Primula marginata

One of the earliest Primula species to bloom in the spring is Primula marginata. This species was described in 1792 from garden grown plants collected from the wild in 1781. In the wild, it almost always grows on limestone, on mossy or grassy ledges on steep cliffs, boulders or slopes or from crevices, usually on the north side. Probably the most striking feature of this species is the irregular leaf edges lined with farina and the variation in this feature is what endears it to gardeners. Named and selected forms vary in the leaves and also in the bluish tone and size of the purple flowers. It is amazing that in the wild so many variants grow side-by-side.

Like other members of the Auricula Section, the plant produces elongated stems as the lower leaves die and new leaves are produced from the growth point. The plant will produce side branches along this lengthening stem and if the stem or side branches are underground or in contact with the soil, roots will be produced, making it a simple process to encourage the plants to make viable offshoots that are easily detached from the mother plant. In the garden, floppy plants with long stems are less desirable, but it is just a matter of burying the plant so that the neck is level with the soil again to tidy it up. I remove the dead leaves before doing so.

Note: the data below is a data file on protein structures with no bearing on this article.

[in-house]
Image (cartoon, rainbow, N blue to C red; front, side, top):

Three forms of Primula marginata in cultivation

Wild Primula marginata showing old stems
Remove dead leaves, plunge plant so that the growth point is just above the soil


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